Richard Guzman • September 5, 2007
Palm Springs resident Craig Bruce’s life was filled with anxiety and stress.
He had trouble sleeping, wasn’t happy at work and knew he needed to do something before depression set in.
“I was very unhappy,” he said.
Bruce tuned into brain music therapy, a treatment which turned his brainwaves into classical music that helped him relax, sleep well and to be more energetic, creative and active.
“I started feeling less stress, and when you feel less stress you realize you have to make better choices to reduce stress,” he said.
A form of neurobiofeedback, brain music therapy records a person’s brainwaves using an electroencephalogram (EEG) and coverts them into classical piano music.
“It’s like a symphony orchestrated by brainwaves,” said Dr. Orli Peter, founder and director of the Center for Accelerated Psychology in Beverly Hills, who treated Bruce.
“We convert them (brainwaves) from electrical frequencies to audio frequencies,” she said.
Your inner music
As a person listens to his/her own personalized music, the mind is soothed, doctors said.
“The brainwaves are translated digitally using an algorithm. ... It can relax the brain or help increase concentration and creativity,” said Dr. Galina Mindlin, a New York City-based neurophysiologist.
Mindlin founded the Brain Music Therapy Center in New York City in 2005.
She introduced the practice in the United States after working with Dr. Lakov Levine, who developed the procedure at the Moscow Medical Academy in 1991.
To date, Mindlin has trained 15 American colleagues like Peter in the use of brain music therapy.
Bruce first heard of the procedure while watching Mindlin explain the therapy on a segment of the “Today Show” in November 2006.
“She described the process. It was medically tested and there’s science behind it. It didn’t seem like a new age ‘sound of the whales’ stuff. It’s measured, it’s had results,” Bruce said.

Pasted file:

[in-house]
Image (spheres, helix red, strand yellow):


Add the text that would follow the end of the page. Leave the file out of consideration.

“It’s scientifically based. ... It’s demonstrated a high effectiveness in double-blind studies as well as clinical practice,” Mindlin said.
But before trying it on her patients, Peter tested the procedure for herself.
“I hadn’t slept well for 15 years,” she said.
“I slept for 13 hours the first week I used it. I was just thrilled at that point,” she said.
Since it’s a relatively new procedure, most doctors have not had much experience with brain music therapy, but they have very little doubt about the healing power of music.
“Music can really communicate in many non-verbal ways,” said Dr. Shara Sand, clinical assistant professor of psychology and assistant director of clinical training at Ferkauf Graduate School of Psychology, Yeshiva University in New York City.
It’s a beginning
Bruce also saw the therapy as part of a new way to help treat his anxiety and stress, but not as a cure-all.
“I was very excited (when starting the procedure) ... full of confidence,” he said.
“Part of it is you have to believe it’s going to work, have confidence in it.”
“But you can’t just plug yourself in and expect problems to go away, you have to make your own choices. ... But with less stress, you make better choices,” he said.
Since beginning his therapy a few months ago Bruce has made many new choices in his life.
He quit his job as a geriatric care manager and found a new one at a non-profit agency.
He has more energy to paint and a different outlook on his life.
“I’m getting back to doing some wonderful stuff,” he said.
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